Thing One — Peter Beinart, at The Atlantic, on sanctions versus Iran:

Far from promoting liberal democracy, sanctions tend to make the countries subject to them more authoritarian and repressive. … The reason is that sanctions shift the balance of power in a society in the regime’s favor. As sanctions make resources harder to find, authoritarian regimes hoard them. They make the population more dependent on their largesse, and withhold resources from those who might threaten their rule.

Thing Two — A. Barton Hinkle, at Reason:

Sanctions such as these will hurt Iran, the administration and others argue, by depriving it not just of oil revenue, but of consumer goods and opportunities for employment. … But that is the precise opposite of what Trump says about the United States. When it comes to America, the president claims limiting imports will help the country.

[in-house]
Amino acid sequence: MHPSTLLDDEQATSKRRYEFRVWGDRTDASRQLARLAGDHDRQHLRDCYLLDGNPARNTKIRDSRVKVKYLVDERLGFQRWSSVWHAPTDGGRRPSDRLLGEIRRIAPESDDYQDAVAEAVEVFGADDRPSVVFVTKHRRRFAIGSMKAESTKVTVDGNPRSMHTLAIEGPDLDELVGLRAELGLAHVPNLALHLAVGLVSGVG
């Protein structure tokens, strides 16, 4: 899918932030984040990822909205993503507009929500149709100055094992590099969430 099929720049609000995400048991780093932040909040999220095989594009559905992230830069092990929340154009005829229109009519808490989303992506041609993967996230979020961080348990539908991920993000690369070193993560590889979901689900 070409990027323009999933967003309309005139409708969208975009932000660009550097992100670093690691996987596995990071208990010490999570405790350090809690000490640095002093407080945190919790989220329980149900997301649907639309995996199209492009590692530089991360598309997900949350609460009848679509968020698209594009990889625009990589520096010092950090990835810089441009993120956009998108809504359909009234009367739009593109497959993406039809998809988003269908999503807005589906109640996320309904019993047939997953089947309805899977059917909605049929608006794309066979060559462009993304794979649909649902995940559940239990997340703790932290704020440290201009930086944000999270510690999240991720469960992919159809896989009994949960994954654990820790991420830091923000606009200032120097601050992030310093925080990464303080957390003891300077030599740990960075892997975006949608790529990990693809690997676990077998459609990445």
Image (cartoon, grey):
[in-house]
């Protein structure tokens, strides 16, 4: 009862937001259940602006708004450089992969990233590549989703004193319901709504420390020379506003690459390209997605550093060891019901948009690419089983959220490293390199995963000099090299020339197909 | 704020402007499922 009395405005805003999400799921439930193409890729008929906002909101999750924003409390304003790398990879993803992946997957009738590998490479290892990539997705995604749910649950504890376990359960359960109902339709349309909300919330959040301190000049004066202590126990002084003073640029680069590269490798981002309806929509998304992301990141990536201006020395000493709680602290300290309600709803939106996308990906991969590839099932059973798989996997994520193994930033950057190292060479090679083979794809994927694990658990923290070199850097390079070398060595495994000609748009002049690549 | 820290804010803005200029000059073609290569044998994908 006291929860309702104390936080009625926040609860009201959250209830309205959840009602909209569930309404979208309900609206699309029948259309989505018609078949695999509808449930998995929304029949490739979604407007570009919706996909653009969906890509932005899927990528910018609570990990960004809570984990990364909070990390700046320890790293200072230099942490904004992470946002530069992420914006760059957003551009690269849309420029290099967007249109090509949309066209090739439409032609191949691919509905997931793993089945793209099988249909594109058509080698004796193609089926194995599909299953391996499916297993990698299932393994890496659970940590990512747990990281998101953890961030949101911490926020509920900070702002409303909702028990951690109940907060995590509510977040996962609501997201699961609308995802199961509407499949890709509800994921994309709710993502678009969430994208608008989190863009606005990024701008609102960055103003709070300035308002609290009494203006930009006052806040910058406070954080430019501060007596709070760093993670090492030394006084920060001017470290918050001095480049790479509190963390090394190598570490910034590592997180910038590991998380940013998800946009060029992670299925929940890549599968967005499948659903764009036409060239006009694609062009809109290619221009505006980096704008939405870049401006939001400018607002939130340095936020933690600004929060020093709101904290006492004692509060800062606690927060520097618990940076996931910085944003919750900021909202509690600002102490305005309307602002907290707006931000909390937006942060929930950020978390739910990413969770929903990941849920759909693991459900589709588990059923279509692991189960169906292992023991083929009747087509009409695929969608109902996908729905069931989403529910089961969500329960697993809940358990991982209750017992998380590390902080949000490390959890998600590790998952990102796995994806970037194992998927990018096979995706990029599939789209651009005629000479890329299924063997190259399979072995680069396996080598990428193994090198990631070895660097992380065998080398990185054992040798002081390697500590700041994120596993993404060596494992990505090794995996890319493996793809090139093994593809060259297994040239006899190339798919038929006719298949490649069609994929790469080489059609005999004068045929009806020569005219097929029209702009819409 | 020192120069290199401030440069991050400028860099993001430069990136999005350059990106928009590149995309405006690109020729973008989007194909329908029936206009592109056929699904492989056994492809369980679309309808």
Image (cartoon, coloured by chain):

Or, as the sub-headline on Hinkle’s piece reads, “Tariffs and import restrictions are the equivalent of putting sanctions on your own country.”

My own arguments against tariffs have mostly been economic, to the effect that tariffs are not taxes on foreign exporters to benefit American workers, they’re taxes on American consumers to benefit politically connected industries.

But as Beinart points out, state authority itself is an additional beneficiary of sanctions — including self-sanctions in the form of tariffs. The more the tariffs break the legs of ordinary Americans, the more obedient and grateful those ordinary Americans are likely to be when the same state that broke their legs shifts blame to everyone but itself … and offers them a crutch.

Imported from the original KN@PPSTER